It’s easy enough to say what we don’t want but much more difficult to name what we want. Sometimes a genuine want is difficult to articulate because it resides deep in the heart, in a place not easily accessed with language. But we can begin to excavate that inner territory with tools that are readily available. We might start by taking a nice deep breath, putting a hand on the heart and asking what it wants, then opening to answers by paying attention to our whole experience, including dreams, symbols, sounds, physical sensations, emotions, events – everything. Paying attention to all of our experiences can help us discern and then name our heart’s desire.
At other times we have a general idea of what we want (I want to be happy, run my own company, write a novel), but find ourselves in a state of resistance. This is because we want something that is still undeveloped. Most likely, this embryonic want will sit there until we make some sort of choice. Choices give shape to our desires: How do I define happiness? How much money can I invest in the company? What’s the setting for this novel? It might be that making even a small decision will help us step bravely into what was once an unmanageable or overwhelming process.
Do you think that outside circumstances determine what you can have? That assumption will reduce even a mighty oak of a dream to woodshavings. External factors do not have to limit us. Gandhi, Mandela, Rosa Parks, and Mother Teresa all faced enormous external resistance. Whitman published his own poems when no one approved of his “barbaric yawp.” Steve Jobs dropped out of college. J.K. Rowling struggled to pay the rent. The world is rich with contributions from those who had difficult or challenging circumstances.
If my own circumstances determined my life, I would likely be unpublished, addicted to drugs, and working at a job I detest. We can all pursue what we want, either in spite of or because of our circumstances. “Like the lotus in muddy water, our wish to be better people grows among our many worldly desires. Just look at the wanting itself,” says Zen teacher John Tarrant. “That is the gate.”
Some of us do not acknowledge what we want because we have not learned the fundamentals of self-expression. Instead, we might have learned that expression is egotistical, self-serving, too worldly or otherwise inappropriate. Consider how many times you have said (or heard someone say), “I think I want…”
The danger is that others will happily step in to fill the void.
Everyone from the fast-food employee to the false guru is waiting to tell or sell us what we want. Fast-food servers suggest we add fries to a meal for only 99 cents. Pharmaceutical companies promote pills as the happiness elixir. And the most powerful spiritual experience is just a matter of attending the right retreat with the right leader.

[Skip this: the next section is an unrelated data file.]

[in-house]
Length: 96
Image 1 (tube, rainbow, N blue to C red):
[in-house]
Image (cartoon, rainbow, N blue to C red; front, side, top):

The great tragedy here is that when we don’t know what we truly want, we stop trusting our own experience. We let others tell us what our experience should be. I offer the example of those who died in the sweat lodges led by self-proclaimed guru James Arthur Ray. The three people who died in the 2009 sweat lodge surely felt endangered. But the sweat lodge “was the culminating event, touted as ‘hellaciously hot,’ a chance for participants to have powerful breakthroughs.” Ray sold people what they only half thought they wanted and in a sense discouraged (albeit maybe not deliberately) participants from trusting their own experience.
We hear these sad stories time and again, and our responses are always the same: How does that happen? Yet research shows we tend to say yes to what will fill in the blank of our unconscious lives. That makes waking up serious business. It means putting yourself in charge of your life by knowing what you want and how to get it. And you can begin right here by considering these points:
1. Trust your personal experience above all else.
2. Practice checking in with yourself: Ask, What am I thinking right now? What am I experiencing emotionally and physically? And, what do I want? Don’t “search” for answers. Just open up to the awareness by asking the questions. If you’d like, jot down responses in a pocket journal (I call these my field notebooks).
3. Go step by step. Get a complete picture of what you want, then take the first step closest in that will move you into that picture.
4. Take a good look at all your “maybes,” then turn each one into a yes or no. How much of your life is held hostage by a maybe? Maybe I’ll try that. Maybe someday. “I’ll think about it” is a maybe too. Most maybes are another way of saying I don’t know what I want. Of course, at times saying maybe is appropriate. But studies show that postponing some decisions can increase distress and confusion. How many times have you heard others say, “I just feel so much better having made the decision”? Lingering too long in the maybe realm is detrimental to our creativity as well. Making choices is fundamental to the creative life. You can’t build from a maybe.
5. Stop searching for what you want and instead make meaning in the present moment. The searching mind, especially when desperately looking for fulfillment, is sabotaged by the search itself.
“The creative act is not hanging on, but yielding to new creative movement.” –Joseph CampbellPowered by Sidelines